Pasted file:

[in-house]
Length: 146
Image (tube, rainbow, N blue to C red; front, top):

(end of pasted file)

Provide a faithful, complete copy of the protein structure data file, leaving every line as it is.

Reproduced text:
[in-house]
Length: 146
Image (tube, rainbow, N blue to C red; front, top):